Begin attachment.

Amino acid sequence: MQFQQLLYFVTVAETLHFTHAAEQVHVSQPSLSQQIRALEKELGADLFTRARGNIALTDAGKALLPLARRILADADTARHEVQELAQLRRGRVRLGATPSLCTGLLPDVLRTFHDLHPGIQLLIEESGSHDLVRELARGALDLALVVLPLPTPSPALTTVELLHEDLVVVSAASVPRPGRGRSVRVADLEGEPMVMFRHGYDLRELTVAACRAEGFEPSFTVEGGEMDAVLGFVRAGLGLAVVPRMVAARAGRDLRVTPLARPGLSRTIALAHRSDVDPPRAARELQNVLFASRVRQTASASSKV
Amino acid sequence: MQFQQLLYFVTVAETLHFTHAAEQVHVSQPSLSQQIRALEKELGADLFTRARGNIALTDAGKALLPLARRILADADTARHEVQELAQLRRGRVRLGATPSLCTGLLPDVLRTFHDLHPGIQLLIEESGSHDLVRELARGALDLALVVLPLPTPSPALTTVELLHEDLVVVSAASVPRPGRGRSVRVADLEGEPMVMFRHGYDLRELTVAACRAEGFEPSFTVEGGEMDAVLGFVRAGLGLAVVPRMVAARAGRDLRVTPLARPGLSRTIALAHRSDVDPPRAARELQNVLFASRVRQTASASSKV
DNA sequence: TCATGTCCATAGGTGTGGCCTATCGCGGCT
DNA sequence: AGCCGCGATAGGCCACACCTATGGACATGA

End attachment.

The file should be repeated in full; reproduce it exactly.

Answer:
Amino acid sequence: MQFQQLLYFVTVAETLHFTHAAEQVHVSQPSLSQQIRALEKELGADLFTRARGNIALTDAGKALLPLARRILADADTARHEVQELAQLRRGRVRLGATPSLCTGLLPDVLRTFHDLHPGIQLLIEESGSHDLVRELARGALDLALVVLPLPTPSPALTTVELLHEDLVVVSAASVPRPGRGRSVRVADLEGEPMVMFRHGYDLRELTVAACRAEGFEPSFTVEGGEMDAVLGFVRAGLGLAVVPRMVAARAGRDLRVTPLARPGLSRTIALAHRSDVDPPRAARELQNVLFASRVRQTASASSKV
Amino acid sequence: MQFQQLLYFVTVAETLHFTHAAEQVHVSQPSLSQQIRALEKELGADLFTRARGNIALTDAGKALLPLARRILADADTARHEVQELAQLRRGRVRLGATPSLCTGLLPDVLRTFHDLHPGIQLLIEESGSHDLVRELARGALDLALVVLPLPTPSPALTTVELLHEDLVVVSAASVPRPGRGRSVRVADLEGEPMVMFRHGYDLRELTVAACRAEGFEPSFTVEGGEMDAVLGFVRAGLGLAVVPRMVAARAGRDLRVTPLARPGLSRTIALAHRSDVDPPRAARELQNVLFASRVRQTASASSKV
DNA sequence: TCATGTCCATAGGTGTGGCCTATCGCGGCT
DNA sequence: AGCCGCGATAGGCCACACCTATGGACATGA